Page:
Much Obliged, Jeeves

I’ve seldom had a sharper attack of euphoria. I feel full to the brim of Vitamin B. Mind you, I don’t know how long it will last. Too often it is when one feels fizziest that the storm clouds begin doing their stuff.

- Bertie Wooster, page 10

This is the 14th of Wodehouse’s ‘Bertie and Jeeves’ books. I was surprised to find out that it was written in 1971, as it has a feel of a much earlier age. I hadn’t known that Wodehouse was still a prolific writer into his 90s – he was 90 years old when he wrote this book and wrote a further three complete novels after it. He left a fourth unfinished when he died in 1975.

Bertie Wooster first appeared in 1915, in the short story Extricating Young Gussie, and made his final appearance in 1974, in the novel Aunts Aren’t Gentlemen. I’ve read a number of other ‘Bertie and Jeeves’ books over the years, and, without thinking much about it, had always assumed that they were all written in the 1920s to 1930s. The various plots Bertie finds himself entangled in, and the atmosphere of all the stories always seemed to have an Edwardian feel to me, redolent of the idle rich enjoying their privileged lives in country manor houses. I could picture Bertie enjoying a night at his club with Lord Peter Wimsey (the main character in Dorothy L. Sayers’s detective novels).

Maybe that’s why I find these books so appealing. They create the feel of a way of life that I will never be able to experience personally, but have enjoyed in so many different books and movies over the years. When you open a Wodehouse, you know what to expect and you are never disappointed. As Stephen Fry is quoted as saying on the back cover of this book, You don’t analyse such sunlit perfection, you just bask in its warmth and splendour.

One characteristic of all of the books is that Bertie is an amiable and well-intentioned young man. He is loyal to his friends and to the family members he likes, and will do anything to help them out. This of course leads to the ridiculous situations which form the plots of the books. In this book, Bertie is called upon by his Aunt Dahlia to come to aid of his old friend Ginger Winship. Ginger is the Conservative candidate in the Market Snodsbury by-election, and needs to win to keep his fiancée happy.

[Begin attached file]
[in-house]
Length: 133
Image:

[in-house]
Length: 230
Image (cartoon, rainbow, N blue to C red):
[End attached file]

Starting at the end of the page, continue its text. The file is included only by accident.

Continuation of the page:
Fellow guests at Aunt Dahlia’s house include: Madeline Basset, former fiancée of Bertie, now fiancée of Spode; Spode, also known as Lord Sidcup, along term enemy of Bertie (and loosely based on Oswald Mosley, a prominent UK fascist in the 1930s); Florence Craye, another former fiancée of Bertie, now fiancée of Ginger; L. P. Runkle, a capitalist and new found enemy of Bertie; and Magnolia Glendennon, an attractive secretary to Ginger. Also in the neighbourhood is Bingley, a former valet to Bertie who once held extreme left wing views and who tried to dismember Bertie with a carving knife, and Mrs McCorkadale, Ginger’s opponent in the by-election.

With this combination of characters a mad farce is inevitable as Bertie attempts to support his friend and his aunt in their various endeavours, avoid any romantic entanglements and stay as far as he can away from Spode and Runkle. There are broken engagements, stolen silverware, a missing book detailing all the past misadventures of Bertie and his friends and various blackmail attempts. There’s also a side plot of an attempt to extract monetary restitution out of a bounder who ripped off the father of another of Bertie’s friends, leaving said friend with insufficient money to wed Bertie’s cousin Angela.

Bertie blunders his way from mishap to mishap, and just when it seems disaster is inevitable, Jeeves comes through to save the day.

It was a joy to immerse myself in another one of Wodehouse’s perfect farces. This book is just a pleasure to read. Highly recommended.

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1922 Illustration of Bertie and Jeeves by A. Wallis Mills